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Unbeatable dairy: nutrient-rich and value for money

Cost of living isn’t getting any easier and South African consumers are stretched to get the best value possible for their shrinking household budgets. One of the biggest concerns is maintaining a healthy lifestyle and optimal nutrition for our families as we are pushed by continuing high inflation to prioritise deals above all else.



Many households are getting granular with their food budgets to find cutbacks and savings. This means not only looking for cheaper substitutions and introducing more meat-free meals, but also considering the nutritional value of foods to ensure that your family is getting sufficient macro- and micro-nutrients. It’s not just about full for longer carbs and cheaper good quality protein, you want to make sure that children and adults are meeting the Recommended Daily Intake (RDIs) of essential minerals such as calcium and potassium, as well as the spectrum of crucial vitamins.

Why dairy tops the charts as nutritional value-for-money foods

It's during tough economic times that the dairy food group comes to the fore. Affordable and versatile, dairy also offers an extraordinary and unique profile of nutrients, working together to provide various health benefits. According to Dr Hester Vermeulen, a specialist in consumer economics at the Bureau for Food and Agricultural Policy (BFAP) dairy foods ranked in the top three options as nutritional value-for-money foods. In a recent analysis for Rediscover Dairy, Dr Vermeulen combined nutrient-richness and current prices to draw a comparison including protein, calcium, potassium, and Vitamin B12 content of some foods.

She says, “When we considered a selection of protein-rich foods such as meat, fish, poultry, dairy and baked beans, various dairy products are priced between 49 and 53 cents per gram of protein which is more affordable per gram of protein than red meat, most fish and even, baked beans.”


Table 1: The table below shows how dairy ranks in the top options in a similar analysis for value-for-money foods containing calcium, potassium and Vitamin B12:

Cost per mg of calcium

Maas and full cream milk

R0.01/mg of calcium

Slice of Brown Bread

R0.01/mg of calcium *1

Plain yogurt & cheddar cheese

R0.02/mg of calcium

Canned pilchards & flavoured yogurt

R0.03/mg of calcium

Baked Beans

R0.08/mg calcium

Chicken

1.15 mg of calcium

Cost per mg of potassium

Full cream milk, canned baked beans and maas

R0.01/mg potassium

Plain yogurt, flavoured yogurt and canned pilchards

R0.02/mg potassium

Chicken portion

R0.04/mg potassium

Beef mince

R0.07/mg potassium

Cost per microgram of Vitamin B12

Canned pilchards

R0.50/microgram of Vitamin B12

Full cream milk

R1.87/microgram of Vitamin B12

Maas milk

R4.13/microgram of Vitamin B12

Beef mince

R7.25/microgram of Vitamin B12

*1 The cost per mg of calcium in brown bread is the same as for milk and maas. However, bread is not a natural source of calcium, Brown bread in South Africa is fortified and the bioavailability of calcium from brown bread is not the same as dietary calcium in dairy products. One slice of brown bread (40g) provides 75 mg of calcium. You will therefore have to eat four slices of bread to provide you with the same amount of calcium as in 250 ml of milk.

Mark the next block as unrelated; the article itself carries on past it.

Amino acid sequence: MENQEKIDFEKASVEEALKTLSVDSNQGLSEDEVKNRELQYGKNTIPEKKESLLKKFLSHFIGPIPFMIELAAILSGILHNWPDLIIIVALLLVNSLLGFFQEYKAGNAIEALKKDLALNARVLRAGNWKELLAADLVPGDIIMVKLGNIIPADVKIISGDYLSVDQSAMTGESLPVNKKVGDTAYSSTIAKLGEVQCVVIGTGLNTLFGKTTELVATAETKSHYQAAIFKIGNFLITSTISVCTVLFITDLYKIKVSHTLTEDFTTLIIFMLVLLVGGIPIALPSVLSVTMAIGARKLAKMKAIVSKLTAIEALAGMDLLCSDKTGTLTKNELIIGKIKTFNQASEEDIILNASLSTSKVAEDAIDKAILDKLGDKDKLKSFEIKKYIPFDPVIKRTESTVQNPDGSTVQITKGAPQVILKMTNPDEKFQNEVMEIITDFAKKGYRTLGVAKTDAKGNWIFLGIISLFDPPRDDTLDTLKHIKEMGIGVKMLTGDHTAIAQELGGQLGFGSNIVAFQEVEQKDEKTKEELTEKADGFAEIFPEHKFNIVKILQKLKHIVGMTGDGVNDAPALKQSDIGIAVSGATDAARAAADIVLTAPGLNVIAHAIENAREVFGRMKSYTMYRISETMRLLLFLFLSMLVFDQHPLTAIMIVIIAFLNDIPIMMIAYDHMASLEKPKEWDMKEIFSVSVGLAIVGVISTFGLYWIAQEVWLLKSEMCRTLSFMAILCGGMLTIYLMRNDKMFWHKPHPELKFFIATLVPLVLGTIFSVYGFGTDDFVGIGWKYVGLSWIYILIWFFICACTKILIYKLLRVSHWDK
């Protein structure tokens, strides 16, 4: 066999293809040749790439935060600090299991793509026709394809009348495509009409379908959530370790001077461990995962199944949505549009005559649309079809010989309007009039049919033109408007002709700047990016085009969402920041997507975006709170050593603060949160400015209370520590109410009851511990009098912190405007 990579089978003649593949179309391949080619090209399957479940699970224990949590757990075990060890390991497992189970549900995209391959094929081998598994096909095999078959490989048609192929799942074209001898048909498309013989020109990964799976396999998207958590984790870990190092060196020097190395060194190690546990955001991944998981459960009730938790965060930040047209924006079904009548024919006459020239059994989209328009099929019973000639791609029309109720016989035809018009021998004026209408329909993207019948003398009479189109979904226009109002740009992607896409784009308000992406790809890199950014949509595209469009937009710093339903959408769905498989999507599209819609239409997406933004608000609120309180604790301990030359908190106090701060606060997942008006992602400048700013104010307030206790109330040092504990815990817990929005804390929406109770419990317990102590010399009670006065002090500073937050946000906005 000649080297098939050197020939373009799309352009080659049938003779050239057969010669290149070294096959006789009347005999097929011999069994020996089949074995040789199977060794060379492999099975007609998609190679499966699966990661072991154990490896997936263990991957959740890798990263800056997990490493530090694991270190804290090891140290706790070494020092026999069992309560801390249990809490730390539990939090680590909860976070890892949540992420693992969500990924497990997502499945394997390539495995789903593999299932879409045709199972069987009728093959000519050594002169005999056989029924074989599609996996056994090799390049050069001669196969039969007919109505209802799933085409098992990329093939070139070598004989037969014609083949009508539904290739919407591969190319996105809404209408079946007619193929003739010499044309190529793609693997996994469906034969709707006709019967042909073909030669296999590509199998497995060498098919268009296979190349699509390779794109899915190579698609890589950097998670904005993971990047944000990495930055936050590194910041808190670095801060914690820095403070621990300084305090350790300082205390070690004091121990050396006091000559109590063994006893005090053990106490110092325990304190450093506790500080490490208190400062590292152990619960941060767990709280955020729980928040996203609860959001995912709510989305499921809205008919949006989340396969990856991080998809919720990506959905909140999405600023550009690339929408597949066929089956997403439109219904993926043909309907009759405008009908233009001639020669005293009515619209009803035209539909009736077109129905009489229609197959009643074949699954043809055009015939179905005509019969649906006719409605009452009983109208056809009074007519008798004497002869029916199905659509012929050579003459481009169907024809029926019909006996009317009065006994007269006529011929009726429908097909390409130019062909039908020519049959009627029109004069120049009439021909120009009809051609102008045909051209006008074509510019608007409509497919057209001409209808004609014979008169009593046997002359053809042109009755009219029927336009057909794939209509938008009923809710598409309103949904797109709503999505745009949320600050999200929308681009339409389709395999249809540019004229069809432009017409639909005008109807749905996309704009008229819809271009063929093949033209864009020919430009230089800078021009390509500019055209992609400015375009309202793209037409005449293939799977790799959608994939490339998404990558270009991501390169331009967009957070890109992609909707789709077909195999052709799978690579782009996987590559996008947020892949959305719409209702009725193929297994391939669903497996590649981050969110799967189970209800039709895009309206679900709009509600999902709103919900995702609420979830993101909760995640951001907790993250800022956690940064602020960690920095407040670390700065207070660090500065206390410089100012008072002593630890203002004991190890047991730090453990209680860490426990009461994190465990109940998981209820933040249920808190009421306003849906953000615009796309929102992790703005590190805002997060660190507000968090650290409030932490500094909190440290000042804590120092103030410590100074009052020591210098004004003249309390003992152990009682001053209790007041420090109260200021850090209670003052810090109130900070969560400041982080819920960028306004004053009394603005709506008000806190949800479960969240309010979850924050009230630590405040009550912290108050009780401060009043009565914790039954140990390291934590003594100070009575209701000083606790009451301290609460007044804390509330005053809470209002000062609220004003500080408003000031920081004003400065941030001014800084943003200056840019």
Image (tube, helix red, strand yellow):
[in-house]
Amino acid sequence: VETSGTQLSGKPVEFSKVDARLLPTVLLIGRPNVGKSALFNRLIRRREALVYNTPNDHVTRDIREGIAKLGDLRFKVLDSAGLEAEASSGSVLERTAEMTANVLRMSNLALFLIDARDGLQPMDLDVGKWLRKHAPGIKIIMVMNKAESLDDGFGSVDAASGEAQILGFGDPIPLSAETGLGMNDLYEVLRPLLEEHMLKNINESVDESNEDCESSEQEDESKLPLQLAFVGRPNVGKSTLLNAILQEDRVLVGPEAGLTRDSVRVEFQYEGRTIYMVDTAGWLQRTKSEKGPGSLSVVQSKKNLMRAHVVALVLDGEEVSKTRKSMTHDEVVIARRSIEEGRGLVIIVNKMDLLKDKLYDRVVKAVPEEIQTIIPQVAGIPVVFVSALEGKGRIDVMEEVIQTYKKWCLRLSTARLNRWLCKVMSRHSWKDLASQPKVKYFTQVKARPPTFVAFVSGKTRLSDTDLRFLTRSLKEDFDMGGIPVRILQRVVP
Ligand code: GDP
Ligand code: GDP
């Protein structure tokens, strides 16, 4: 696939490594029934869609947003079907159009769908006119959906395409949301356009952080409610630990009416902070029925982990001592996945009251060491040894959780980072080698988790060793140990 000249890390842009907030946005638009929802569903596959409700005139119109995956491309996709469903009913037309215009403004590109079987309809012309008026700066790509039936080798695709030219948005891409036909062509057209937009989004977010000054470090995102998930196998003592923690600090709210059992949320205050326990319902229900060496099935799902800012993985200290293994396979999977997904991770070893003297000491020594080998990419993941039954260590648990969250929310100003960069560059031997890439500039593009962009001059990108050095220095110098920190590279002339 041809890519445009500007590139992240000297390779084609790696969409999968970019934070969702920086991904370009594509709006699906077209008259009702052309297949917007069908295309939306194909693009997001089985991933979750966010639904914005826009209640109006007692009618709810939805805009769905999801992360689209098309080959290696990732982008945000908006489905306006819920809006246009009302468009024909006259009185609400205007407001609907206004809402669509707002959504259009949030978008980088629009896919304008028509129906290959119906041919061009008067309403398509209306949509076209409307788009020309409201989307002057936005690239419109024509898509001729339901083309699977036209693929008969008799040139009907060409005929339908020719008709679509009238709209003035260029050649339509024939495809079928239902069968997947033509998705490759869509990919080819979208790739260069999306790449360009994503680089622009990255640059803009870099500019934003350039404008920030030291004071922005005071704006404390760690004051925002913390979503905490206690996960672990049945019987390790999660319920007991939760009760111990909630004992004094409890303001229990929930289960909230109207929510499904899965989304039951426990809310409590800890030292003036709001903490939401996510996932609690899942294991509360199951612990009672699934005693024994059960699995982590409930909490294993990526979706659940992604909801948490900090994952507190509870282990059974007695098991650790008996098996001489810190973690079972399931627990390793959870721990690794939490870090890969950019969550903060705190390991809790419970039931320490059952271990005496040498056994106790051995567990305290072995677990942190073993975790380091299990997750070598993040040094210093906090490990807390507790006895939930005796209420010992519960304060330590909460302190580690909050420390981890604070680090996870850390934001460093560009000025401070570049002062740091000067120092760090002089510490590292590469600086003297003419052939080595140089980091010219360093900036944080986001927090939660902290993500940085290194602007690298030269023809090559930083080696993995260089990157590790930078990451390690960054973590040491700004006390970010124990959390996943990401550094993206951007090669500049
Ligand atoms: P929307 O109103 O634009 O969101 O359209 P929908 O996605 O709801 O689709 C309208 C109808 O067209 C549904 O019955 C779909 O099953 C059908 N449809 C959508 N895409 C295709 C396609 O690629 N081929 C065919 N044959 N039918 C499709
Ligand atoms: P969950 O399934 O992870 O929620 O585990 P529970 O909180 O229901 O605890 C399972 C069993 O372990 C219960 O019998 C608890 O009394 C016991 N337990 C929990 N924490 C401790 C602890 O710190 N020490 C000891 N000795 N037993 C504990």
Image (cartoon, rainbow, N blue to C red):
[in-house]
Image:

Maretha Vermaak, Registered Dietitian at Rediscover Dairy says, “This analysis shows consumers how dairy can contribute to provide your family with important nutrients that is often not consumed in sufficient amounts, in a cost-effective way. Dairy foods provide a wide range of nutrients that make a significant contribution to your daily requirements, providing nine important nutrients to help keep you healthy. That is good quality protein, calcium, potassium, vitamin A, B2, B12, magnesium, phosphorus and zinc.


Milk for instance, is a natural, whole food that nourishes growing children, replenishes and maintains adult bodies, and protects those who are ageing. As we tighten our belts, we need to focus on good quality protein and nutrient-richness that is affordable. What’s more, some may be looking for ways to cut back on expensive monthly nutritional supplements and rather meet the same nutrient needs through consuming affordable, nutrient rich foods. Just one 250ml glass of milk meets one third (300 mg) of the adult calcium RDI (1000 mg). But there are many more ways to enjoy dairy each day, so it is easy to help meet your daily requirements of calcium by consuming just two to three dairy servings.”


Table 2 compares the cost per potion and lists the nutrients that were investigated.

Nutrient

Fresh full-cream milk

250ml

Milk


Maas

200ml


Plain yoghurt

Double cream

200ml


Flavoured yogurt*

Low-fat

200ml


Cheese

40g


Cost

R4.37

R3.30

R8.46

R7.34

R6.43

Calcium mg

300

320

380

280

283

Protein g

8.3

6.6

8.6

8.4

10

Vit B12 mg

2.3

0.8

0.6

0.6

1.28

Potassium mg

393

380

552

408

30.4

*containing added sugars

*dairy provide nine important nutrients


Having 3 servings of dairy a day (e.g. 1 cup of milk, 200ml of yoghurt or maas and 40g of cheese) will provide you will almost all the calcium you need per day (900g), more than 100% of the vitamin B12, and more than half of your daily recommendations for potassium at R14 to R18 per day. At the same time it provides half of an average adult’s protein needs for one day and many other nutrients helping you to stay fuller for longer. Combining dairy with nutritious whole wheat bread or a fruit will give you a complete meal and a punch of nutrients to keep you going.

Celebrate World Milk Day

Milk and dairy are worth celebrating indeed! Join in on 1 June this year and be part of World Milk Day. Connect with Rediscover Dairy on Facebook and Instagram and tap into all the great ways to include dairy in your family’s healthy lifestyle.


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